A Ten Year Old Priest

Today, on the Feast of Pentecost, I, though unworthy, celebrated my 10th anniversary as an Orthodox priest. It’s been a rough road. Moments of glory mixed with suffering — all of which were complicated by my own sinfulness and shortcomings — have been my helpers. I thank God.

I regret the missed opportunities brought about by my own shortsightedness. I regret the mistakes that I’ve made due to people-pleasing, impatience, lack of discretion, selfishness and carelessness. As any parent must feel, I carry the burden of my children — those with me and those who’ve left — with a bowed spirit and a contrite heart.

I thank God for the sleepless nights that have driven me closer to Him. I thank God for the trials that were intended for me to grow in patience. I thank God for disturbing my peace, helping me to cherish His.

The priesthood helps a man to see clearly his human failings and shortcomings. It is often a thankless “job.” I remember when I was ordained as an Episcopal priest (12 years ago), the subject of the homily was “Priestcraft.” The homilist, Rev. Andrew Sloane, encouraged the community to help me to learn the craft by saying something nice every once and a while; to ask how I was doing; to take care of my family; to encourage me. At the time I thought, “What is he talking about? That’s all I’ve experienced thus far!” Looking back, it was a wonderful honeymoon. Glory to God!

I thank God for allowing me to witness the miracle working power of prayer. I thank God for allowing some of my prayers to go [seemingly] unanswered. I thank the Holy Spirit for praying in me due to my sloth. I thank God for all those who have prayed for me and my poor ministry.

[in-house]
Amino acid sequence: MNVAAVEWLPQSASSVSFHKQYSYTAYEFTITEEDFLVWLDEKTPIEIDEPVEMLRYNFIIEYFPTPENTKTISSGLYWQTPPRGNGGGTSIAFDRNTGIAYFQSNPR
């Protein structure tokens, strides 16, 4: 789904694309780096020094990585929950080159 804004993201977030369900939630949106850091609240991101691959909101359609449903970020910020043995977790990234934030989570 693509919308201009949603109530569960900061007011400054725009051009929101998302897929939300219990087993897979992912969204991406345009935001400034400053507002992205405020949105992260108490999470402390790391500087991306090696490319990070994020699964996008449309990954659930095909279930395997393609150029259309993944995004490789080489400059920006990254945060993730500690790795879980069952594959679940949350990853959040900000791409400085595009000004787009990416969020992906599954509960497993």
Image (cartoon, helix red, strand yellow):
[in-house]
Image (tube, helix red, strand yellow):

I’m thankful for all those who have been a part of my life and ministry. I’m thankful to God for helping me to persevere in spite of my sins and the many attacks of the enemy. I am learning to be thankful to God for my enemies. Everyone — especially priests — should acquaint themselves with the great prayer of St Nikolai the Serbian, “Bless My Enemies, O Lord.” For me, the words of that prayer read like the Psalms of David — full of wisdom, ringing true to my own experience. There is grace therein. As I struggle to pray for my enemies I’m ever mindful that I, too, am on another’s list. I thank God for those prayers.

A priest once said, “I wanted to be a priest out of arrogance. God allows me to be a priest as a penance.” That, too, rings true. Glory to God for all things!

There are indescribable joys in the priesthood. Holding the infant above the waters of baptism and initiating another Christian into the family of God. Standing with a penitent and weeping over sins — then assuring the same of God’s mercy and forgiveness. Uniting God, a man, and woman in the sacrament of marriage. But nothing can compare to standing before the holy table and offering the eucharistic sacrifice. If not for that single grace how could one persevere? If not for that glorious grace of God, who could withstand the trials? Without that, what for?

I thank God for the prayers and protection of my over-worked Guardian Angel, the prayers of the Mother of God, the love of family, the gift of friendship, and the intercessions of the Saints. I thank God for mercy.

I am learning to appreciate that which I have received. I am learning to be fully present in the present moment. I am learning to guard the Peace. Ten years & I am learning. I am learning.

I beg your prayers.

Glory to God for all things!

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